On the Origins of Churches and Churchyards of Southern Estonia: The Evidence of Early Grave Finds

Heiki Valk


Data about the earliest history of medieval churches of southern
Estonia are fragmentary, being limited to the first mentions of
the parish, priest or congregation, or to mostly scanty historical
information about the architecture. Some information can also be
provided by archaeological grave finds, which often date back further
than the first data about the churches.

The article presents a brief survey of the finds from the churchyards
of southern Estonia, the area of medieval diocese of Tartu, from
before ca. 1450 AD. The finds, mostly jewellery and fragments of
cremated bones, show that churches were often built on top of old
cemeteries from the Final Iron Age, whereby the pre-Christian
jewellery items, mostly brooches, rings and bracelets, date mainly
from the 11th to the early 13th centuries. If the cases in which the
archaeological information is limited or non-existent are excluded,
60% of the rural churches of southern Estonia (9 out of 15) were built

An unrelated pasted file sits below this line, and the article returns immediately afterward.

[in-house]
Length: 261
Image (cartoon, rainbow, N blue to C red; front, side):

on pre-Christian cemeteries. The percentage may even be higher,
since archaeological data for more than half of the churchyards is
either missing or insufficient for drawing any conclusions. In the
cases where major temporal gaps exist between the Final Iron Age
finds and the first written or architectural data about the church,
the cemetery probably functioned continuously as a village cemetery
in the Christian period.

The pre-Christian origins of the cemeteries in the churchyards indicate
that the local communities were actively involved in choosing the
locations for the churches at the time of Christianization. Place continuity
also shows that, despite the violent nature of Christianization,
the natives of southern Estonia did not oppose having Christian
sanctuaries built on pre-Christian cemeteries, and evidently, the
continuous use of the former burial site was considered important.


Medieval churches; Southern Estonia; archaeology; cemeteries; cremation graves; christianization

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DOI: https://doi.org/10.12697/BJAH.2017.13.06


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